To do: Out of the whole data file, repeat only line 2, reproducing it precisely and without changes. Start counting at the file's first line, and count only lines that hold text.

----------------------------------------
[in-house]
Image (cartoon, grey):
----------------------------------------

Image (cartoon, grey):